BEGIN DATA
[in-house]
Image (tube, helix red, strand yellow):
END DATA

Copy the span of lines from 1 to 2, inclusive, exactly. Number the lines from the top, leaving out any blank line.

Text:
[in-house]
Image (tube, helix red, strand yellow):